I thought I'd get to spend some money on a new suit for my daughter wedding, but so such luck. My wife dug out some suits and had me try it on. Other than needing another inch or two added to the slack waist, they still fit. I guess I won't be getting anything new now.
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Old 01-01-2015, 05:04 PM   #51
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If you are spending $63K now you should evaluate which expenses will drop off in ER (education? mortgage?). Will $90K cover taxes, health insurance, and the $63K? Will your assets return sufficient funds to safely spend $90K. If both answers are yes you are good to go.
+1

We track expenses very closely, but it's mostly a curiosity thing. The only use is that some categories might go down after a big change (like kids moving out, or quitting a job, or just plain aging), and more detail may help you think about the relative sizes of those changes.
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Old 01-02-2015, 04:56 PM   #52
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Recently, when my T-shirts got so worn and needed replacement, my wife went through her storage boxes and pulled out spanking new T-shirts that she had been squirreling away. These are either souvenir T-shirts we bought in our travel, or like the promotional ones that her megacorp handed out. The date on one that commemorated a charity drive: 1994!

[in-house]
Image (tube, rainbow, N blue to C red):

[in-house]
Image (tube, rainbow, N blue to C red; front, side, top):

I thought I'd get to spend some money on a new suit for my daughter wedding, but so such luck. My wife dug out some suits and had me try it on. Other than needing another inch or two added to the slack waist, they still fit. I guess I won't be getting anything new now.
Perhaps I have too vivid an imagination but this just conjures up an image of a small, neat lady leaning over a huge wooden bin only slightly smaller than a dumpster stored in the basement, arms a-flying, clothes a-flinging until she triumphantly says "Aha! Found it!"
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Old 01-02-2015, 08:13 PM   #53
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It's not a big container of a dumpster size but several boxes of the type to hold bond paper reams (500 sheets/ream, 10 reams/box). And they are not stored in the basement but stacked up in our closet. And the old suits were hanging in the closets of the spare bedrooms.

And last but not least, the little lady doing all this squirreling is mighty cute too.
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Old 01-03-2015, 01:15 AM   #54
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I have an accounting and finance degree. The finance degree made me realize I do not need to do the accounting. The category I tracked was the amount I invested every year. How any other money was spent was of little importance but I'm assuming it was to sustain life and have fun.
Awesome.
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Old 01-03-2015, 09:57 AM   #55
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[*]$2400 on clothing and dry cleaning!
The Consumer Expenditure Survey says that the average for households made up of "husband and wife with children" was $2,461 in 2013. So it looks like you are about average. http://www.bls.gov/cex/2013/combined/cucomp.pdf